It’s interesting to me to see how the media, and hence the public, are responding to Coronavirus (I think that’s the correct way around, but it’s hard to say who’s leading who sometimes). The risk of death is remote (a mortality rate of between 0.7% and 3.0% currently depending on circumstances and location), which is almost nothing. Ebola had a mortality rate of 60%, SARS 10%. The numbers 0.7-3.0 are still significant if applied across a while population, but the response of the media, and hence governments and people, generally seems over the top.
I think that perhaps the reason for this might be the current narrative, which is doomsday apocalyse (think of climate change and species extinction in particular). It’s also got something to do with how we think about the future generally, which is logical but hugely unhelpful (we simply extrapolate from current data or conditions in a linear manner) and perhaps the fact that people are generally dreadful at working out real probabilities or understanding the impact of feedback loops, counter-trends or unexpected events.
And, of course, connectivity is fuelling everything. It’s spreading the virus, but it’s also spreading panic about the virus. News is travelling to fast to be properly analysed, fact checked or placed in proper context.
Anyway, as they say, my particular interest at the moment is how the current panic about Coronovirus might work with other anxities to create some kind of super-anxiety or mental collapse (shades of Future Shock – see After Shock). I eluded to this somewhat when I created my risk radar and spoke of unseen combinations of events and put Global pandemic alongside Loss of antibiotic efficacy, Mental health epidemic and Global financial system collapse. The thought was repeated on the list of global gamechagers on my map of mega-trends.
So what to do? I think the Stoics have it nailed. Worry about or do something about what you can influence, or control, and don’t worry or try to control about what you can’t. In the words of Seneca, “The greatest obstacle to living is expectancy, which hangs on tomorrow and loses today.” Or, as he also put it, “You are arranging what lies in Fortune’s control, and abandoning what lies in yours.” It will be what it will be.
And another little gem…from 1987.
Are we there yet? (Source link).
In 2011, a study reported that 95% percent of American adults had done at least one leisure activity in the past 24 hours, such as watching television, socialising, or reading for pleasure, but 83% reportedthey spent no time whatsoever relaxing or thinking.
Future Shock @ 50.
One of the enduring issues futurists face is bad timing. Like science-fiction writers and technologists, futurists often believe that things will happen sooner rather than later. Future Shock, which accurately described the turmoil of the 1970s, is perhaps more accurate and relevant now than it was then. The book’s central idea, that the perception of too much change over too short a period of time would create instability, perfectly describes the volatility, uncertainty and confusion currently being created by geo-political events, climate change and technology, most of all digital technologies, that accelerate everything except our capacity to cope with change. Hence a global epidemic of anxiety that expresses itself in everything from the rise of mental illness to the mass prescription of painkillers and anti-depressants.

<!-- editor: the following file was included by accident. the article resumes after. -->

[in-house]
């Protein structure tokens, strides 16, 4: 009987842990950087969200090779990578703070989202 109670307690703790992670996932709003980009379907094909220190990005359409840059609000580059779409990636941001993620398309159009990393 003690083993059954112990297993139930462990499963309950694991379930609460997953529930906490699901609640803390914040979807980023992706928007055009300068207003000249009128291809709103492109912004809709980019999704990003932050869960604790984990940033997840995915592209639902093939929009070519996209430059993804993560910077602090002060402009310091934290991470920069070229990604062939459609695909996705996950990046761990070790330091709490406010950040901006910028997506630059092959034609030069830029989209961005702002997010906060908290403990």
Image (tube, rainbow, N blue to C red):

Looking backwards, it’s hard to imagine how the upheavals of the early 1970s could have be seen as shocking. Surely the pace of change then was glacial compared to what it is now? But we have largely forgotten about the seismic shift from ‘we’ to ‘me’ that accompanied the fading of the sixties and the blossoming of the seventies. Group love was replaced by empowered individualism. The invention of modern computing, which soon became personal computing, amplified the focus on the individual even further. Peace, too, was shattered, not only by the enduring war in Vietnam, but by the invention of international terrorism, while OPEC’s oil shock created inflation and economic uncertainty. Oh, and the US had a rogue President, which proves, to me at least, that some things do not change quite as much as we sometimes imagine.
Maybe the speed of change in the 70s wasn’t as rapid as today, but events back then were still alarming compared to the relative stability that had endured before. Global media made such events more visible too. Information Overload is idea championed in Future Shock and another that feels almost quaint when it’s used in the context of the 70s. Overloaded? Way back then? You cannot be serious.
The problem, of course, is that while many things did indeed change, and continue to do so today, we do not. Or, at least, we struggle to keep up. Edward O. Wilson, the American biologist, sums the situation up perfectly when he says that:
“Humanity today is like a waking dreamer, caught between the fantasies of sleep and the chaos of the real world.
The mind seeks but cannot find the precise place and hour.
We have created a Star Wars civilization, with Stone Age emotions, medieval institutions, and godlike technology.”
This clash, between technologies and behaviours that change rapidly (exponential is a word that’s thrown around with careless abandon, but rarely stacks up outside computing) and our brains which do not change as fast was seen by the Toffler’s as being injurious to not only our health, but to our decision-making abilities too.
Interestingly, decades after Future Shock was written, a study published by Angelika Dimoka, Director of the Centre for Neural Decision Making at Temple University, appears to support part of what the book proposed.